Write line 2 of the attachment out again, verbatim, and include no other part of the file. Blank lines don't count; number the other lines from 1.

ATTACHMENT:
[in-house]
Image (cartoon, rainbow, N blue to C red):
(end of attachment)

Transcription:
Image (cartoon, rainbow, N blue to C red):